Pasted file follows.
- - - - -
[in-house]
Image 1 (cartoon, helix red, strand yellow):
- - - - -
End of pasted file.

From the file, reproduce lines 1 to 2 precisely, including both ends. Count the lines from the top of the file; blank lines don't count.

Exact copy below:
[in-house]
Image 1 (cartoon, helix red, strand yellow):